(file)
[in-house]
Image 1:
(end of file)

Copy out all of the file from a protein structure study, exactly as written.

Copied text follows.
[in-house]
Image 1: